• Indonesia's Lewotolo volcano erupted on Sunday, spewing ash and smoke into the air
  • A NASA Satellite captured an image of the thick plume soon after the eruption
  • Just this week, another volcano in Indonesia also showed signs of activity

A NASA satellite captured the powerful eruption of Indonesia's Lewotolo volcano on Sunday. It now adds to the long list of volcanic eruptions in the country this year.

Two days after it began showing signs of mild activity, Indonesia's Lewotolo volcano in Lembata regency, East Nusa Tenggara erupted on Sunday. It spewed a plume of volcanic ash and smoke some 4,000 meters into the air at 9:45 a.m. local time, The Jakarta Post reported.

Just a few minutes later, the Moderate Resolution Infrared Spectroradiometer instrument on NASA's Terra satellite captured an image of the eruption, showing the thick, white plume over the island. In the image, shared by NASA Earth Observatory, one can clearly see the thick plume of ash and smoke practically covering a portion of the island.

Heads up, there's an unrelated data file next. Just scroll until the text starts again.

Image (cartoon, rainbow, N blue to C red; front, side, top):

Lewotolo Volcano
Pictured: Satellite image of Lewotolo Volcano (Mount Ille Lewotolok) as it erupted a plume of ash on Nov. 29, 2020. MODIS/Terra Satellite/NASA Earth Observatory

According to NASA Earth Observatory, the plume was so high that authorities had to close the local airports and issue an aviation warning as ash had rained down on many parts of the island. The Jakarta Post also reported that apart from the plume, the volcano released volcanic material "as big as coconuts."

As of Monday, the United Nations Office for the Coordination of Humanitarian Affairs reported no injuries related to the eruption. However, thousands of residents have since been forced to leave their homes.

2020 Volcanic Eruptions In Indonesia

As the Jakarta Post explained, this is only one of several volcanic eruptions in Indonesia this year. In April, Mount Anak Krakatau in Lampung and Mount Semeru in East Java erupted on the same day. In August, Mount Sinabung in North Sumatra also spewed ash and smoke several times.

Only recently, Mount Merapi in Magelang Central Java also erupted, forcing thousands to flee their homes, the outlet said.

This Tuesday, just days after Lewotolo's eruption, Indonesian authorities also evacuated residents of several villages around Mount Semeru in Lumajan District after it spewed hot ash down its slopes, Al Jazeera reported.

As the outlet explained, this level of activity is because Indonesia sits on the Pacific Ring of Fire, making it prone to such seismic upheavals. According to National Geographic, 75% of the world's volcanoes lie on the Ring of Fire and some 90% of earthquakes occur along its path.

Mount Merapi is Indonesia's most active volcano
Mount Merapi is Indonesia's most active volcano BNPB / Handout